An inside look with nothing to say
reviews a film that has plenty of opportunities to shed some light on the state of health care and the drug industry today--but misses them.
LOVE IS not a drug, but alcohol and Viagra are. And in the film Love and Other Drugs, Jake Gyllenhaal and Anne Hathaway knock back lots of liquor and men are prescribed plenty of Viagra for erectile dysfunction.
The movie is loosely based on Jamie Reidy's tell-all book Hard Sell: The Evolution of a Viagra Salesman, which gives a riveting insider account of Pfizer--the world's largest and most cutthroat pharmaceutical corporation. According to Reidy, Pfizer prefers to hire ex-military and Mormons to sell their drugs, because they have discipline and believe without question in the mission.
Pfizer is notorious for breaking the law, and then getting away with paying fines and the executives serving no time. In 2009, in the largest health care fraud settlement in history, Pfizer was ordered to pay $2.3 billion for illegally marketing off-label drugs. But even that wasn't a lot for Pfizer--that same year, the company reported $50 billion in revenue.
WikiLeaks documents recently exposed a more sinister side to Pfizer. During a drug trial conducted in Nigeria, a Pfizer antibiotic, Trovan, was alleged to have killed five of the children on whom it was tested. The report disclosed by WikiLeaks details how the company hired private investigators to find corruption in the Nigerian attorney general's background in order to blackmail him into dropping a proposed settlement of $75 million. Pfizer spent $15 million a year for 13 years in legal fees to fight having to pay out any money to the Nigerian government.
IN THE film, Gyllenhaal plays Jamie, and we learn about the intense training of the drug "reps," as the salesmen are called. He goes to Pfizer boot camp to learn how to sell drugs to doctors. The Pfizer motto is "A Better World, That's Why We're Here," and their mantra to ensure a steady dose of profits is to "close" the doctor.
Closing is getting the doctor, after a fact-filled, well-rehearsed monologue/suck-up, to agree to prescribe Pfizer drugs. If that doesn't do the trick, doctor brand loyalty is bought by offering a series of legal bribes: speaker and consulting fees, free lunches, dinner "programs" at expensive restaurants (open bar), free samples of medication and a potpourri of pens, post-it notes and mugs embossed with the Pfizer logo. Drug reps spy on physicians by tracking their prescribing practices, and then target the ones who don't use their brand name drugs.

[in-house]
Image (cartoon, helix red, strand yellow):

Jamie, who uses his good looks and faux charm to sell everything from plasma TVs to Xbox games, takes the drug deception to another level and commits fraud. He offers a sleazy Dr. Stan Knight, played by Hank Azaria, $1,000 if he'll let him see patients with him. During an office visit with Hathaway's character, Maggie Murdoch, she asks who Jamie is. He lies and says he's an intern. Neither men question for one second the morality or ethics of their actions.
Love and Other Drugs is a Hollywood movie that takes up serious subject matter--the profitable and powerful pharmaceutical industry and access to life-prolonging medications--but glosses over almost entirely the political and personal realities of how these corporations both destroy some people's lives, and also improve others, but for a price.
Instead, the film focuses on the relationship between Jamie, a square-jawed, fast-talking, vacuous womanizer--and Maggie, a sassy and insecure artist diagnosed with Parkinson's disease. All the tired tropes of relationships are reprised every step of the way to the predictable end: casual lack of commitment, fall in love but can't admit it, rejection, separation to revelation, car chase to crying, cheese-ball confession, happily ever after, together forever.
It all starts, not surprisingly, with sex--no Viagra needed. The two have sex on the hardwood floor in Maggie's art-filled loft, eventually migrate to her bed, with lots of locations in between.